# Difference between revisions of "BayHac2014/Prolog"

(→From Prolog to Hindley Milner) |
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go mgu (Var l) r | not (r `contains` Var l) = Just $ (l, r) : mgu |
go mgu (Var l) r | not (r `contains` Var l) = Just $ (l, r) : mgu |
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go mgu l (Var r) | not (l `contains` Var r) = Just $ (r, l) : mgu |
go mgu l (Var r) | not (l `contains` Var r) = Just $ (r, l) : mgu |
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− | go mgu (Pred l) (Pred r) = merge <$> unify l r <*> Just mgu |
+ | go mgu (Pred l) (Pred r) = merge <$> unify l r <*> Just mgu |

− | go mgu l r = if l == r then Just mgu else Nothing |
+ | go mgu l r = if l == r then Just mgu else Nothing |

</haskell> |
</haskell> |
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## Revision as of 20:07, 19 May 2014

## From Prolog to Hindley Milner

In this talk, I introduced logic programming with Prolog, went over how to implement unification in Haskell and talked about how type inference and typeclasses can be thought of in terms of logic programming.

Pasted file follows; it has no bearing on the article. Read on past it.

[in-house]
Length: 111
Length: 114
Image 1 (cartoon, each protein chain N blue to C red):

Here's the code for the whole unification function; you can probably remember each individual part from the talk.

```
unify :: Predicate -> Predicate -> Maybe MGU
unify (Predicate _ name1 body1) (Predicate _ name2 body2)
| name1 /= name2 || length body1 /= length body2 = Nothing
| otherwise = foldM combine [] $ zip body1 body2
where combine mgu (left, right) = go mgu (subst mgu left) (subst mgu right)
go mgu (Var l) r | not (r `contains` Var l) = Just $ (l, r) : mgu
go mgu l (Var r) | not (l `contains` Var r) = Just $ (r, l) : mgu
go mgu (Pred l) (Pred r) = merge <$> unify l r <*> Just mgu
go mgu l r = if l == r then Just mgu else Nothing
```

The only line I didn't actually cover is what `combine`

. This is actually just a little helper function that takes the two terms I'm unifying, updates them with the MGU so far and calls the actual case-by-case part of the unification algorithm on the results.

You can see the entire code (although without comments) on GitHub. I also included a few demo prolog (.pl) files you can play with, either by running my interpreter or using a real one like swipl. These files contain most of the Prolog code from my talk and some comments to help explain what's going on and give you a few exercises to better understand logic programming.

Right now, the slides themselves are a little broken, so I'm not putting them up yet.

I've also been thinking about doing this talk again, maybe at one of the Haskell meetups. So if you're interested but missed it—or, for whatever reason, want to see it again :)—you'll probably have a chance. I'll also try to improve it based on feedback I've gotten; if you have anything to say, please email me at tikhon@jelv.is. (I *especially* appreciate criticism and hearing about what you found confusing or poorly explained!)